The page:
Morocco announced that it had filed a lawsuit before the Criminal Court in Paris against the Forbidden Stories and Amnesty International, accusing him of defamation, against the background of accusing him of spying in the file of the Pegasus program.
The lawyer appointed by the Kingdom to follow up the case announced, in a statement sent to Agence France-Presse, that “the Kingdom of Morocco and its ambassador to France, Chakib Benmoussa, have commissioned Olivier Baratelli to raise the two direct calls for defamation” against the two organizations, against the background of accusing Rabat of espionage using the program developed by the Israeli company, NSO. .
The first procedural hearing is scheduled for October 8 before the Press Law Department, but the trial is not expected to begin nearly two years ago.
“The Kingdom of Morocco intends to submit the file to the French judiciary because it wants to shed light on the false allegations of these two organizations that presented elements without any concrete and substantiated evidence,” Baratelli said.
On Wednesday, Morocco announced that it was resorting to a “judicial endeavor” following the publication of new media reports indicating that it might be involved in using the “Pegasus” spyware program to target the phones of public figures, including King Mohammed VI and French President Emmanuel Macron.
On Tuesday, Radio France reported that King Mohammed VI of Morocco and those close to him were “on the list of potential targets” of the “Pegasus” program, which was used to spy on journalists, human rights defenders and politicians.
Le Monde newspaper also said on Tuesday that the phone numbers of French President Emmanuel Macron and members of his government were “on the list of numbers chosen by a Moroccan state security service that uses the Pegasus spyware.”
protocol presidential new
For his part, French President Emmanuel Macron changed his smartphone device Thursday, to avoid any possible intrusion, in the first practical reaction from the French state, after the detection of the spyware.
“He has several phone numbers. This does not mean that he was spied on, but (the step was taken) for more protection,” a French presidential official told Reuters.
French government spokesman Gabriel Attal said that the protocols to protect the French presidency were modified in line with the disclosure of the spy program.
“Obviously we take this issue very seriously,” Atal told reporters.
The General Secretariat for Defense and National Security, specifically the Inter-ministerial Information Systems Management Authority, is responsible for providing the means of communication for the executive authority (the president and the government) in France, whether for use in telephone communications or when exchanging data.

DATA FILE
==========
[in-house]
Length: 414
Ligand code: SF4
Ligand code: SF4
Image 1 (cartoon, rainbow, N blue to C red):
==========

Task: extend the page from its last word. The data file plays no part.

The Confidential, Interministerial Information Systems Management Authority also provides the means to securely communicate with other governments.
Digital security experts explain that the phones placed within the reach of members of the executive branch are not easy to use, which justifies the tendency of some to use their personal phones.
Macron has several personal smartphones that are “regularly changed, updated and secured,” a security source commented to AFP.
The source explains that the security settings of the phones are “restricted to the maximum extent possible, and the downloading of applications is disabled as well as the remote downloading.”
The fragility of digital security
The Pegasus case joins a series of similar spy cases that have rocked the world over the years.
With the development of digital technologies, maintaining the security of classified intelligence or government information has become extremely difficult, and this appears with each new leak “scandal”.
In 2013, former US National Security Agency contractor Edward Snowden revealed thousands of secret documents that exposed widespread US espionage after the September 11, 2001 attacks.
The documents showed that several officials, including German Chancellor Angela Merkel, were under surveillance.
In June 2015, documents released by WikiLeaks revealed that the US intelligence services spied on three French presidents, Jacques Chirac, Nicolas Sarkozy and Francois Hollande, for several years.
In the spring of 2021, the Danish Public Broadcasting Corporation, in cooperation with several other European media outlets, revealed that the US National Security Agency had wiretaped over Danish underwater internet cables from 2012 to 2014 to spy on senior politicians in Germany, Sweden, Norway and France.